And during an appearance Sunday on NBC's "Meet the Press," Trump seemed to suggest he would kick out most immigrants who are in the country illegally. Here's a transcript (The Fix boss annotated it, too!):
TRUMP: The executive order gets rescinded. One good thing about —TODD: You'll rescind that one, too? You'll rescind the Dream Act executive order, the DACA?TRUMP: We have to make a whole new set of standards. And when people come in, they have to come in —TODD: You're going to split up families. You're going to deport children?TRUMP: Chuck — no, no. No, we're going to keep the families together. We have to keep the families together.TODD: But you're going to kick them out?TRUMP: They have to go.TODD: What if they have no place to go?TRUMP: We will work with them. They have to go. Chuck, we either have a country or we don't have a country. Either we have a country or not.
As with many things Trump, he's appealing to a vocal minority of Americans. And on this particular issue, he's also appealing to a vocal minority of his fellow Republicans — most of whom disagree with him.
In polling conducted in June and July, Gallup gave Americans three options on what to do with immigrants who are in the country illegally:
- Let them stay and give some who meet certain requirements a path to citizenship.
- Let them stay and work for a limited amount of time.
- Deport them.
Gallup found that 65 percent of all Americans favored some sort of path to citizenship. The next-most-popular option was deportation, but just 19 percent favored that option, while 14 percent wanted to let them stay for limited amount of time.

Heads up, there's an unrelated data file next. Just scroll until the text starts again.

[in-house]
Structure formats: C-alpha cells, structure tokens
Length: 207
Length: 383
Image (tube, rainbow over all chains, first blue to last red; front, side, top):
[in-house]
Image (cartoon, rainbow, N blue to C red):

Here are the results over time:
The polling, conducted as part of Gallup's 2015 Minority Rights project, included larger-than-normal samples of Hispanic and black Americans.
But Trump is not trying to appeal to the broadest swath of Americans possible. He's angling for the most conservative support. Among Republicans, public opinion on plans that favor deportation are slightly more popular than with America as a whole, but not enough.
According to Gallup, about half of Republicans support a path to citizenship, and that is the most common view within the party.
That 31 percent of Republicans favoring deportation is actually higher than in 2006, when President George W. Bush favored legislation that included a path to citizenship.
Here are how the parties have broken down over that span, with Republicans moving toward deportation and Democrats toward letting illegal immigrants stay.
A June poll by the nonprofit Public Religion Research Institute found that an even higher number of Republicans — 57 percent — supported a pathway to citizenship, provided immigrants meet certain requirements.
Once you get past the d-word, though, Trump's immigration policies begin to have broader appeal. A 2013 Gallup survey found that Americans — especially Republicans — do support measures such as tightening border security (Trump also wants to build a wall somehow paid for by Mexico) and requiring U.S. business owners to check a person's immigration status before hiring him/her (Trump wants to implement a national e-verify system).
Trump was never going to please moderates on illegal immigration, especially after his comments about illegal immigrants from Mexico. And his view on deportation is one that even the vast majority of conservative politicians decline to take.
If he wants to expand his appeal beyond where it is today, he would be better served talking about other enforcement measures.